Government of New Brunswick

A lake is a dynamic water environment in which the chemical, physical and biological properties all interact and influence one another.  What this means is that, the biology, or life in a lake, is a product of the lake’s physical and chemical nature.  The opposite is also true since organisms within the lake can influence its chemical and physical properties.  By learning about the properties of lakes, we can better understand the influence of natural processes and our activities on lakes and make better choices to help protect them.


Chemical Properties

When looking at a lake, you may think that not much is going on underneath the water’s surface. In fact a lot is actually happening involving the lake chemistry, including oxygen and nutrient distributions which can greatly influence the lake’s health.


The concentration of dissolved oxygen in water plays an important role in determining the type and amount of organisms (fish, invertebrates, plants etc.) that live in a lake and is a good indicator of the lake’s overall health. 

The oxygen concentration found in lake water is influenced by the water sources entering into a lake (groundwater and surface water inputs), transfers from the air above the water’s surface and oxygen additions by aquatic plants through photosynthesis. Lake water can also lose oxygen through outflow, from losses to the atmosphere, through respiration by plant, bacteria and animals including the decomposition of organic matter, and by chemical reactions in water and lake bottom sediments.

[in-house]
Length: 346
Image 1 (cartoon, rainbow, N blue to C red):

Deep lakes may become divided into layers of water having different water density and temperatures, termed thermal stratification. The bottom layer of water, or hypolimnion, can become depleted in oxygen and can have serious implications on the water chemistry and aquatic life.


Nutrients are critical to the development of plant and animal life. In a healthy lake, nutrients nourish and promote growth of aquatic organisms such as algae, bacteria and aquatic plants. These form the base of the food web supporting the entire aquatic ecosystem.  Nitrogen and phosphorus are the most common nutrients in a lake. Phosphorus is usually the nutrient which limits the growth of algae and plants.  Under certain conditions when nutrients are abundant, algae and aquatic plants will continue to grow and multiply well beyond the amount needed to support the food web.  Such excess growth of algae and plants can lead to high rates of respiration and decomposition which deplete waters of oxygen and can chemically cause additional nutrients to be drawn into the water from lake sediments.